- Is there any simple explanation for Haar Measure and its geometry?
- how do we understand analogy Between lebesgue measure and Haar Measure?
- How to show integration with respect to Haar Measure?
- what do we mean by integrating with respect to Measure?

**Answer**

The question leaves your background a bit unclear, so I chat descriptively about the three Haar measures you are likely to be aware of without even knowing that they are Haar measures. Nothing in what follows is rigorous, but rather seeks to give you a taste of what Haar measure is about.

We can measure the size $m(S)$ of a subset $S$ of $\mathbb{R}$ simply by the integral

$$

m(S)=\int_S 1\,dx.

$$

If $S=[a,b]$ is an interval, this gives the length $m(S)=b-a$. Here we can think of that $dx$ as a measure (technically it’s not, but I ignore that here).

What makes this into a Haar measure is the fact that it is translation invariant.

If $c\in\mathbb{R}$ is a constant, and $c+S=\{c+s\mid s\in S\}$, then

$$

m(c+S)=\int_{c+S}1\,dx=\int_S1\,dx=m(S),

$$

because the substitution $t=x+c$ transforms one integral to the other. Effectively we use

$$

d(x+c)=dx

$$

and say that $dx$ is a translation invariant measure, i.e. a Haar measure of the additive group of reals.

What about the multiplicative group of positive reals? A Haar measure should be invariant under the group operation. So if $S\subseteq\mathbb{R}$ (is a measurable subset), we want

$m(S)=m(cS)$ to hold for all $c>0$. Obviously the above measure $\int_S\,dx$ won’t do. For example, the length of an interval is not invariant under scaling.

This time we should use the definition

$$

m(S)=\int_S\frac{dx}x

$$

instead. Here the 1-form $x^{-1}dx$ works. Basically because

$$

\frac{d(cx)}{cx}=\frac{c\,dx}{cx}=\frac{dx}x.

$$

You can check that whenever $0<a<b$, we have

$$

m([a,b])=\int_a^b\frac{dx}x=\ln b-\ln a=\int_{ca}^{cb}\frac{dx}x=m([ca,cb]).

$$

Thus $x^{-1}\,dx$ is a Haar measure of the multiplicative group of reals.

A third instance of Haar measure that you have surely seen is that of the unit circle of the complex plane $C=\{e^{i\phi}\mid 0\le\phi <2\pi\}$. Here the group operation is multiplication. Multiplication by the number $e^{i\phi_0}$ amounts to rotating the circle counterclockwise by the angle $\phi_0$. Here

the “measure” $d\phi$ will be invariat under such rotations as

$$

d(\phi+\phi_0)=d\phi,

$$

or, if $S\subseteq C$, then

$$

m(S)=\int_Sd\phi=\int_{e^{i\phi_0}S}d(\phi+\phi_0)=\int_{e^{i\phi_0}S}d\phi=m(e^{i\phi_0}S).

$$

In the last example (as the group $C$ is compact as a topological space), it is customary (but not necessary for all purposes) to divide the measure by $2\pi$ so that $m(C)=1$.

The fun facts are that for Lie groups and locally compact topological groups a Haar measure always exists. It is unique up to a constant multiplier in many important cases such as compact. For non-commutative groups (e.g. matrix groups) there is a distinction between invariance under group operation from the left or from the right. The two notions coincide in the compact case.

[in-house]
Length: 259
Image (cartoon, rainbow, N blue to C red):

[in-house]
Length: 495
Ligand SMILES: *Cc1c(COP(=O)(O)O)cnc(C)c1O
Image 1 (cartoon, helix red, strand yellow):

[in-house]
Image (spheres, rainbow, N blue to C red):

Sketching an example, where there is a difference between left and right invariant.

Consider the group $G$ of real upper triagular matrices of the form

$$

G=\left\{\left(\begin{array}{cc}\sqrt{y}&\frac{x}{\sqrt y}\\0&\frac1{\sqrt{y}}

\end{array}\right)\mid x,y\in\mathbb{R},y>0\right\}.

$$

Let us denote the above element of $G$ by $g(x,y)$.

Consider the differential

$$

dg(x,y)=\frac{\partial}{\partial y}g(x,y)\,dy+\frac{\partial}{\partial x}g(x,y)\,dx.

$$

For any fixed element $g(r,s)\in G$ we see that

$$

(g(r,s)g(x,y))^{-1}d(g(r,s)g(x,y))=g(x,y)^{-1}g(r,s)^{-1}g(r,s)dg(x,y)

=g(x,y)^{-1}dg(x,y),

$$

so the entries of the matrix of 1-forms

$$

g(x,y)^{-1}dg(x,y)=\left(

\begin{array}{cc}

\frac{dy}{2y}&\frac{dx}y\\0&-\frac{dy}{2y}\end{array}\right)

$$

are left invariant. Therefore the exterior product of the top row entries

$$

\frac{dy}{2y}\wedge\frac{dx}y=\frac12\frac{dy\wedge dx}{y^2}

$$

is a left-invariant 2-form. Number theorists will recognize this (up to a scalar factor) as the

hyperbolic metric of the upper half plane. We can define an action of $G$

on the upper half plane by the recipe of fractional linear

transformations. Let $\tau$ be an arbitrary element of the upper half-plane

and define $g\cdot\tau=z_1/z_2$, where

$$

\left(\begin{array}{c}z_1\\

z_2\end{array}\right)

=g\left(

\begin{array}{c}\tau\\1\end{array}\right).

$$

Here $g(y,x)\cdot i=x+iy$, so the entire upper half plane is the orbit of $i$ under $G$.

We get a right invariant 2-form similarly by using

$$

dg(x,y)g(x,y)^{-1}=\left(

\begin{array}{cc}

\frac{dy}{2y}&dx-\frac{x\,dy}y\\0&-\frac{dy}{2y}\end{array}\right).

$$

Again the wedge product of the entries of the upper row gives a right invariant 2-form

$$

\frac{dy}{2y}\wedge \left(dx-\frac{x\,dy}y\right)=\frac{dy\wedge dx}{2y}.

$$

We see that this time the left and right invariant measures are not scalar multiples of each other.

**Attribution***Source : Link , Question Author : Milan Amrut Joshi , Answer Author : Jyrki Lahtonen*